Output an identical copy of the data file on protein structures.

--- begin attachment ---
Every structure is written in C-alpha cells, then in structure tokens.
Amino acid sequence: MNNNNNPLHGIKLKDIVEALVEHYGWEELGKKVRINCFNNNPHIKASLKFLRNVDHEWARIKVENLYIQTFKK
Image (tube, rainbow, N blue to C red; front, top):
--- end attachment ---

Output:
Every structure is written in C-alpha cells, then in structure tokens.
Amino acid sequence: MNNNNNPLHGIKLKDIVEALVEHYGWEELGKKVRINCFNNNPHIKASLKFLRNVDHEWARIKVENLYIQTFKK
Image (tube, rainbow, N blue to C red; front, top):